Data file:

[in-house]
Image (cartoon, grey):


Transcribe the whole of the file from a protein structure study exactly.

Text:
[in-house]
Image (cartoon, grey):